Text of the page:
Public schools are supposed to be the place where every child gets a chance to succeed, but we all know that’s just the ideal. All children don’t come to school with the same tools and resources, and it’s unrealistic to expect a teacher in a full classroom to be able to make up for the differences without a lot of help.

Children from financially secure homes do better in school than children who are raised in poverty. It’s not because financially stressed parents don’t love and care for their children, or that poor children are less intelligent than their middle-class peers. It’s just a fact that what happens outside of school is as important as what happens in the classroom.

The federal government’s Title I program seeks to narrow that achievement gap, sending extra education funds to help economically disadvantaged students catch up. But the way the money has been used in Maine reinforces these disadvantages instead of reducing them.

When a Maine school district receives a dollar of Title I money, it loses a dollar of state subsidy. So instead of having more resources to address the effects of poverty, schools have to make do with the same level of support that goes to students who come to school already far ahead.


A bill to address this discrepancy has been filed by state Sen. Geoff Gratwick, D-Bangor, and is one of the few pieces of legislation that will be considered in the upcoming session. Lawmakers of both parties should find a way to fund it before another generation of children is left behind at school.

That type of change won’t be inexpensive. The state receives about $40 million a year in Title I funds, which it is now using to supplant the amount it raises for schools.

But while it reduces the tax burden, this policy puts a different kind of burden on low-income Mainers.

Gratwick’s bill should receive strong cross-partisan support because it addresses a problem that does not respect political fault lines.

More than 50,000 children – nearly one in five statewide – lives below the poverty line. One in three Maine children qualify for food supplement benefits.

The highest poverty rates are found in the rural “rim” counties farthest from the southern coast. Washington County has a 31.2 percent poverty rate, Piscataquis 29.6.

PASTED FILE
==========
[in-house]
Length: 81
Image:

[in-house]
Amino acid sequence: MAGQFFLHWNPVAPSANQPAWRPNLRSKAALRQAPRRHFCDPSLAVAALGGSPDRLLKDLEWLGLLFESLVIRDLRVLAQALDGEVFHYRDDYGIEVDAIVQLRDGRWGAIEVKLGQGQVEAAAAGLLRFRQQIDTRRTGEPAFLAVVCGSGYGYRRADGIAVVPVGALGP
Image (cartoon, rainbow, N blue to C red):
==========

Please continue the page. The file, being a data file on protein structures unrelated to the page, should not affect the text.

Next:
The state’s urban areas are also hit with deep poverty. Bangor has a 16.6 percent poverty rate, Lewiston 15.5 percent and Portland 14.1. The disadvantages poor children face in school are well-known.

Children who come to school hungry will be less likely to pay attention than their well-nourished peers. Children whose parents don’t speak English will have trouble following the give and take in the classroom. Children of poor families are sick more often and miss more school.

None of these factors involves the intelligence of these children, but any of them could cause students to fall so far behind they can never catch up.

The effect of poverty on student performance was well illustrated this year when the Maine Department of Education released its A-F grades for schools around the state, ranked by test scores and other factors.

While the grades offered little helpful information that would improve a school’s performance, they did produce a map that identified the areas of the state hardest hit by poverty.


Of the high schools that received an F, an average of 61 percent of students were eligible for free or reduced-price lunch, a common measure of poverty. Of the high schools that received an A, the average was 9 percent. The correlation was not as strong but still clearly visible among elementary schools, with 67 percent of students in the F schools eligible for the program as compared to an average of just 25 percent in the A schools.

The Department of Education defends the way it uses the federal funds. Acting Education Commissioner Jim Rier said if the state did not subtract the Title I funds from a district’s state subsidy, Maine would pay twice for the same services. But students in poverty need more support than students who are better off. The point of Title I is closing that gap, not offsetting some of the state’s tax burden.

Perpetuating inequality in the schools affects us all. There has been considerable discussion about Maine’s aging workforce and a shortage of people with the skills needed to fill high-tech jobs. For economic reasons alone, it doesn’t make sense to squander the potential of a fifth of the future workforce by failing to invest in all the children who are in our schools now.

But it’s not just an economic issue. Children are not rich or poor by their own doing. We accept unequal incomes across our society, but we should not accept grossly unequal opportunity. Public schools really should be the place where every child has a chance to succeed.